US Consumer Spending Surges As Biden Economy Rockets Ahead

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Retail sales across the U.S. economy in October slightly beat expectations, setting an apparent all-time record for the amount of money spent by U.S. consumers in that context within a single month, before adjusting for inflation. It’s clear: there is no sign of the new economic calamity that ex-President Trump and others predicted would befall the United States if Biden took office. Instead, Biden and his Democratic allies in Congress are continuing their work to push past Republican opposition and enact substantively uplifting policies for the American people.

The total amount spent by U.S. consumers at stores and restaurants across the month of October hit $638 billion, marking a 1.7 percent increase (before inflation adjustments) from the previous month. Per Dow Jones, economists expected the month-to-month increase to be at just 1.5 percent for October. The New York Times notes that the “continued strength of consumer spending reflects the resilience of the U.S. economy after a year and a half of disruptions, and the success of the government’s economic response in insulating many families from the damage,” adding that overall, households “have trillions of dollars more in accumulated savings than before the crisis.”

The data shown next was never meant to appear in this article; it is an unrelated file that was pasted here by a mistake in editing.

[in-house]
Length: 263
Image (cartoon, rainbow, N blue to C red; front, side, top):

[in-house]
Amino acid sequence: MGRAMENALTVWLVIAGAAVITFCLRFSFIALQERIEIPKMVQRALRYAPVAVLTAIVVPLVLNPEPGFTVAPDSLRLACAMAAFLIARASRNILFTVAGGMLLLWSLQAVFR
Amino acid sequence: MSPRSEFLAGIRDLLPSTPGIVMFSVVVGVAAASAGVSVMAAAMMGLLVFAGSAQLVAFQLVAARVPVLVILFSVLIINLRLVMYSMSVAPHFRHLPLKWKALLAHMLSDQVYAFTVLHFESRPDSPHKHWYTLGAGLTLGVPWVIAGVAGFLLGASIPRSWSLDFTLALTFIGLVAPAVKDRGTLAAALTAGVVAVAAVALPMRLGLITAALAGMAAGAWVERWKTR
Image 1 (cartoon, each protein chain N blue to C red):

There are, though, serious issues weighing on the U.S. economic environment, such as inflation. Contrary to claims from certain Republicans, this inflation can’t be neatly tied back to the Biden administration’s policies, according to an expert observer cited by the Times. As Aneta Markowska, who works as chief financial economist for the Jefferies investment bank, put it, it’s high “demand in the first place that’s causing prices to move higher.” Read more, including a recap of the continued high rate of consumer spending on goods (versus services), at this link.

Despite the generally positive developments, Trump is sticking fast to the idea that America is heading over the side of a rhetorical cliff. In a statement that he released on Thanksgiving, he said, in part: “do not worry, we will be great again—and we will all do it together” — despite the fact that, for the week ending November 20, new unemployment claims hit a one-week total of just 199,000, thereby falling below levels seen throughout the entirety of the COVID-19 outbreak. He’s not in touch with the relevant facts at hand.